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Wednesday, November 24, 2010

Lessons from Ashes to Ashes - future elections will be anarchic and fast-changing battlefields.

The Ashes to Ashes billboard spoof between the Tories and Labour at the last election, stood out as an oasis of quick-thinking and imagination in an otherwise drab and sterile media campaign. In the heat of battle, it did not get the deserved attention from media analysts.

Labour’s billboard attempt to build on Gene Hunt’s character with Cameron sitting on the Quattro and a strapline of “Don’t let him take Britain back to the 1980’s”, was neatly turned against them with a Tory reworking of the image: “Fire up the Quattro, it’s time for a change.”

Apart from that, the billboards became yesterday’s tool. Those adverts that did reach the hoardings were the scenes of “improvements” from local graffiti artists. This has ever been the case. The difference this time was that the enhancements got a later airing on Twitter, Facebook and the blogsphere. A national audience was reached. Copywriting was democratised. Central party straplines were ridiculed with wit and insights.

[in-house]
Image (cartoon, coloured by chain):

Future elections will be largely fought through the blackberry, apps, blog, text and mobile. Imaginative, concise, quick-thinking and memorable messages will be needed for local leaflets if they are used, SMS circulation or Twittered in 140 characters. This can be a golden age for campaigners to generate witty, subversive, pithy and tight messages which tap into the voters’ psyche. Parties need to put in place, the infrastructure to harness the possibilities of a virtual reality campaign.

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